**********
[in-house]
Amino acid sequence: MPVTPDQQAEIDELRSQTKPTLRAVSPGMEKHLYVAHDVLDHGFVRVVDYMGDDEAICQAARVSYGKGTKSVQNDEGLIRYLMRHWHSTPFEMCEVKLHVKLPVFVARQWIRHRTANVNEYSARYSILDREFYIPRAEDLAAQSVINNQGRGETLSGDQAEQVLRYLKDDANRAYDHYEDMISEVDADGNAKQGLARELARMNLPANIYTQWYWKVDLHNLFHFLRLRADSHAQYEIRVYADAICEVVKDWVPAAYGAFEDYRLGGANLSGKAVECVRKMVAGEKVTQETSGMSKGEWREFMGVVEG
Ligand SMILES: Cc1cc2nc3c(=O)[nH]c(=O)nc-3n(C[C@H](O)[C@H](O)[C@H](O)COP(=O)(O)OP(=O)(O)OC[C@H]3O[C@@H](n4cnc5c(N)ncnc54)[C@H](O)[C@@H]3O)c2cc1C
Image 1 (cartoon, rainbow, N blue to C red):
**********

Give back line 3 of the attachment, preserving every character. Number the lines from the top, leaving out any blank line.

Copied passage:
Ligand SMILES: Cc1cc2nc3c(=O)[nH]c(=O)nc-3n(C[C@H](O)[C@H](O)[C@H](O)COP(=O)(O)OP(=O)(O)OC[C@H]3O[C@@H](n4cnc5c(N)ncnc54)[C@H](O)[C@@H]3O)c2cc1C